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Comments on: After Search — What Next? http://kmforum.org/blog/?p=25 A Community of Practice - Learning and Working in the Knowledge Management Community Wed, 02 Sep 2015 08:26:24 +0000 http://wordpress.org/?v=2.7 hourly 1 By: Lynda Moulton http://kmforum.org/blog/?p=25&cpage=1#comment-99 Lynda Moulton
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Thu, 27 Dec 2007 20:57:58 +0000
http://kmforum.org/blog/?p=25#comment-99 This was a fun meeting. About 20 people showed up and we went around the table with each first estimating how many times in a day he conducted a search of any type. Numbers ranged from 10 to 40 or more searches but most wanted to qualify their number to reflect what working mode they were in (e.g. research, shopping, finding data, etc.). It made us all stop and think about all the ways in which we use search of all types throughout a daily cycle of being "on-line." I found five behaviors interesting and want to factor these into how I think about "search" as an activity: Behavior 1: Engaging in search with specific intent and a plan for follow through with the results. This might range from looking for a link, content to include in report, to making a purchase or building knowledge for a work project. Behavior 2: Searching to satisfy curiosity; looking something up and seeing where it leads. Many seem to enjoy search as an activity that is totally extemporaneous, at least sometimes. Behavior 3: We integrate search into our work activities in much the same way as we take notes, assemble documents, or forward documents to a colleague. It just seems to be part of our method of achieving an end result. We use searching as a skill like writing and it is clear that we each bring different approaches and skills to how we do it in the context of our work. Behavior 4: Search is treated by many as a task rather than an intellectual exercise. However, people with research or library science backgrounds seem to approach search with more strategy and patience in seeking the result they are pursuing. Behavior 5: There appeared to be a fair number who took pains to thoughtfully "dispose" of results in a way to assure their "retrievability" by themselves at a later date or by others. Taken as a group, most everyone has adapted to search with varying degrees of unique behaviors and most are still working on ways of making search more efficient and productive. That said, a couple commented on being satisfied that it works as well as it needs to for them and they aren't concerned with better tools or gaining more skill than what they have. This was a fun meeting. About 20 people showed up and we went around the table with each first estimating how many times in a day he conducted a search of any type. Numbers ranged from 10 to 40 or more searches but most wanted to qualify their number to reflect what working mode they were in (e.g. research, shopping, finding data, etc.). It made us all stop and think about all the ways in which we use search of all types throughout a daily cycle of being “on-line.”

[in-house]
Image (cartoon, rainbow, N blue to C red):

I found five behaviors interesting and want to factor these into how I think about “search” as an activity:
Behavior 1: Engaging in search with specific intent and a plan for follow through with the results. This might range from looking for a link, content to include in report, to making a purchase or building knowledge for a work project.
Behavior 2: Searching to satisfy curiosity; looking something up and seeing where it leads. Many seem to enjoy search as an activity that is totally extemporaneous, at least sometimes.
Behavior 3: We integrate search into our work activities in much the same way as we take notes, assemble documents, or forward documents to a colleague. It just seems to be part of our method of achieving an end result. We use searching as a skill like writing and it is clear that we each bring different approaches and skills to how we do it in the context of our work.
Behavior 4: Search is treated by many as a task rather than an intellectual exercise. However, people with research or library science backgrounds seem to approach search with more strategy and patience in seeking the result they are pursuing.
Behavior 5: There appeared to be a fair number who took pains to thoughtfully “dispose” of results in a way to assure their “retrievability” by themselves at a later date or by others.

Taken as a group, most everyone has adapted to search with varying degrees of unique behaviors and most are still working on ways of making search more efficient and productive. That said, a couple commented on being satisfied that it works as well as it needs to for them and they aren’t concerned with better tools or gaining more skill than what they have.

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By: Elaine Alligood http://kmforum.org/blog/?p=25&cpage=1#comment-82 Elaine Alligood
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Wed, 05 Dec 2007 14:01:42 +0000
http://kmforum.org/blog/?p=25#comment-82 I search therefore I am! The eternal issues will always challenge us while technology will always enable the process: how to manage what we retrieve; assess it; and transform it into knowledge, usable or not, and then store it for re-use, re-thinking, and revising. I search therefore I am!

The eternal issues will always challenge us while technology will always enable the process: how to manage what we retrieve; assess it; and transform it into knowledge, usable or not, and then store it for re-use, re-thinking, and revising.

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